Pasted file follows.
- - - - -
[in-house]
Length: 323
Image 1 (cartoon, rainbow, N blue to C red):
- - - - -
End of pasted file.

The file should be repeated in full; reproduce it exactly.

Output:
[in-house]
Length: 323
Image 1 (cartoon, rainbow, N blue to C red):